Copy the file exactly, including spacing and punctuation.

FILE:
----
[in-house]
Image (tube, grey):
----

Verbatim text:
[in-house]
Image (tube, grey):